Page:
By Priscella King
This article was written partly in response to another AC article on pet hoarding, in which my friend Juniper raised the question of whether readers think I'm a pet hoarder. I am, after all, living in an old house in the Blue Ridge Mountains with a lot of cats. I commented that the main difference between me and a pet hoarder is that I'm not old enough to have Alzheimer's Disease. Then I signed off for the night.
Then I woke up thinking that these comments may have passed too lightly over a real concern for somebody out there. If a 70-year-old chooses to share her or his home with ten or fifteen cats, is that behavior a healthy, public-spirited animal rescue project, or the early stages of a senile, demented condition that will harm the human, the cats, and the neighborhood affected? How can you tell ("you" being either the 70-year-old or a concerned relative), and what can you do?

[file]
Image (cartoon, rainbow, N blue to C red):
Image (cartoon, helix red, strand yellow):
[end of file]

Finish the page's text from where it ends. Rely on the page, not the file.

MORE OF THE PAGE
During the past 25 years, I've supported my writing habit with a wide variety of skilled and unskilled odd jobs. Most long-term clients have been elderly or disabled or both. I've had a lot of opportunities to observe the aging process, even been certified as a Geriatric Nursing Assistant. Based on this experience, here are ten suggestions for those who may be concerned about "crazy cat lady syndrome." (There are also crazy dog people, crazy pigeon ladies, crazy squirrel or wildlife lovers...it seems to be the same general pattern.)..." More